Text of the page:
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Tuesday, September 13, 2011

Interview with Bryce Bertola, Park City Independent; Innovative Education Providers Series

Welcome to an interview with Bryce Bertola, of Park City Independent, an accredited online high school which provides online courses to students who wish to take courses not offered by their local high school. It also offers middle school courses and courses for adults who would like to complete their high school diploma rather than obtaining a GED. One of the benefits of having a bona fide high school diploma is that it enables individuals to go on for a bachelors and then graduate programs.

1. What is your name and your relation to e-learning?
My name is Bryce Bertola and I'm the webmaster for Park City Independent, an accredited online high school. I'm completing my bachelors degree in Information Systems at the University of Utah with a mix of online and traditional classes. I've used a variety of high school and college level e-learning solutions, and have done very well within the virtual classroom setting.

2. What are the new directions in elearning that interest you most?
What interests me most is the increasing access to specialized topics through e-learning, as well as the convenience of a self-paced course schedule. You don't have to have a topic expert within your school district in order to learn about something, instead you can turn to an online provider and it can then be reflected on your transcripts.

Bryce Bertola, Park City Independent

During high school, I desperately wanted to learn about web publishing and design, but there wasn't a teacher on staff that was qualified to teach such a program. Instead I had to learn things the hard way, by myself, through a variety of web based instructional sites. I'm excited at the prospect of a wide array of specialized courses that high school students could earn credit for taking.

3. What are some of the problems in today's world that e-learning can address?
One of the major problems today is the rising cost of higher education. As tuition rates continue to rise, students are getting priced out of the market: Many of them opting to discontinue their education entirely. In addition to an increasingly expensive education, limited access to advanced courses also creates significant barriers. e-Learning is a much more cost-effective method of delivering course content, and there is no limit to the course material an instructor might choose to provide.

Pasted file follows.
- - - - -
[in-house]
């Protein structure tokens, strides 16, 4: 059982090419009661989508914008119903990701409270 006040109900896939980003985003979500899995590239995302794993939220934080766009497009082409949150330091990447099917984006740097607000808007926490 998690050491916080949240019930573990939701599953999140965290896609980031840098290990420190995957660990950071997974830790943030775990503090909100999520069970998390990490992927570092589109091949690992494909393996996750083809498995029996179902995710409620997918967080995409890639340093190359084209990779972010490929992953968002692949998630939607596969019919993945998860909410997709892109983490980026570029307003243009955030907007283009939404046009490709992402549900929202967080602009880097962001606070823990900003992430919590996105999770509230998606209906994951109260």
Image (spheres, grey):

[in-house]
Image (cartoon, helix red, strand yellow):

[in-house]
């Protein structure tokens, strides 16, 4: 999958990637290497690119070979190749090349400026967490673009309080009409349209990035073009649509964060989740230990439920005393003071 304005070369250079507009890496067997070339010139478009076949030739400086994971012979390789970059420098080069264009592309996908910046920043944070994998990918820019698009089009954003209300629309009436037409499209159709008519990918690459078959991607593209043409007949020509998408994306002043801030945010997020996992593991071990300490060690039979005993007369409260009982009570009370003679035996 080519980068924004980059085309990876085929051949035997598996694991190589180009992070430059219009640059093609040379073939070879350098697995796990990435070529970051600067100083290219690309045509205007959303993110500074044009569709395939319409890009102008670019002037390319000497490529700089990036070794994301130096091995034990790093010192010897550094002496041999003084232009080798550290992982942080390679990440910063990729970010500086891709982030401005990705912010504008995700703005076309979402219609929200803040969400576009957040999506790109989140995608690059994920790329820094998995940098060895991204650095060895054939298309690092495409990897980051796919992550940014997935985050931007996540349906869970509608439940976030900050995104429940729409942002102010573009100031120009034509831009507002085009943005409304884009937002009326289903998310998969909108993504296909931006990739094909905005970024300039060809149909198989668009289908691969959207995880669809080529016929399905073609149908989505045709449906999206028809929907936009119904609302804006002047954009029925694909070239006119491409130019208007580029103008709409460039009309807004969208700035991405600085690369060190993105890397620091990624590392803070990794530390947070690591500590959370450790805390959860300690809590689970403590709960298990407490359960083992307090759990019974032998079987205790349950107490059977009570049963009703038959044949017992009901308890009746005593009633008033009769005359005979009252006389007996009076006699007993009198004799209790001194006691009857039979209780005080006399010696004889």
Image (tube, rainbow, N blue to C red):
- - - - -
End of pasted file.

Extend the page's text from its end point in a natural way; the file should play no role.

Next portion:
4. How has e-learning changed in the last 5 years? How has it improved and where?
People are waking up to the idea that e-learning is a legitimate source of knowledge. 5 years ago, what I saw as the perception of e-learning really downplayed its effectiveness in favor of a hands-on instruction. Since then the vehicles for delivering quality content have improved, and as people gain more exposure to online learning, and more web based educational services come about, that perception has faded away.

5. How are e-learners changing? What are their emerging needs?
It's a tough economy, and many people have a lot on their plate. Todays e-learners are seeking flexibility above and beyond what the traditional classroom can offer, otherwise they wouldn't be able to fit everything into a normal week. With a years-long recovery ahead of us, I think that funding for public education will remain low, and schools are going to be forced to explore more affordable options.

6. What do you think e-learning will look like in 5 years?
I think that in 5 years, e-learning will be a necessary part of a standard high school curriculum, and that colleges will rely on e-learning tools for much of their standardized courses. Not only that, but individual topic experts will start providing their own specialized courses, either through public or private outlets.

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